Two tales of a city 1

Here are a pair of stories that reveal truths about Israel and the Palestinians more effectively than volumes of studies could do, and require no comment.

The first is told in full here. This is the nub of it:

A Jewish Israeli journalist, Shlomi Eldar, tried to raise money for surgery in an Israeli hospital that would save the life of a Gazan Palestinian baby. Many Israelis responded with offers of donations, including one Jewish father who had lost his son in battle with the Palestinians, and offered to pay the entire cost of $55,000 on condition that he remain anonymous.

Eldar got to know the mother of the sick baby well. He saw “how intensely she fought for her son’s life … standing for hours, caressing him, warming him up, kissing him…. The whole time I accompanied her, I saw a caring mother who was at her baby’s bedside night and day. She didn’t eat, she lost weight and she cried. I myself saw to it that she ate. I saw her faint when she was informed there was a small chance her son would get well. …”

The baby, Mohammed, did not survive, and his death deeply grieved the mother. But while he was still alive and there was still hope for him, she, Raida Abu Mustafa,  “launched into a painful monologue about the culture of the shahids – the martyrs – and admitted, during the complex transplant process, that she would like to see her son perpetrate a suicide bombing attack in Jerusalem.”

Eldar has made a documentary film of the story called Precious Life. In it, Raida says: “For us, death is a natural thing. We are not frightened of death. From the smallest infant, even smaller than Mohammed, to the oldest person, we will all sacrifice ourselves for the sake of Jerusalem. We feel we have the right to it. You’re free to be angry, so be angry.”

“Then why are you fighting to save your son’s life, if you say that death is a usual thing for your people?” he demands to know.

“It is a regular thing,” she says, smiling. “Life is not precious. …  For us, life is nothing, not worth a thing. That is why we have so many suicide bombers. They are not afraid of death. None of us, not even the children, are afraid of death. It is natural for us. After Mohammed gets well, I will certainly want him to be a shahid. If it’s for Jerusalem, then there’s no problem. For you it is hard, I know; with us, there are cries of rejoicing and happiness when someone falls as a shahid. For us a shahid is a tremendous thing.”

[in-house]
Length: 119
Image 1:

This is the second, told in full here:

Four Hamas political figures facing expulsion from Jerusalem have expressed their readiness to do almost anything to remain in the city under Israeli sovereignty, including renouncing their ties to the radical Islamist movement.

The Israeli Ministry of Interior had revoked the status of the four Hamas representatives as permanent residents of Jerusalem, paving the way for their expulsion from the city. These representatives who are fighting to retrieve their Israeli ID cards belong to the same organization whose leaders used to send young men and women to blow themselves up in Israel, killing hundreds of innocent civilians — including Arabs.

The four men – three legislators and a former minister — have good reason to put up a good fight to stay in Jerusalem. The last thing they would want is to be deported to the West Bank, the Gaza Strip or any Arab country.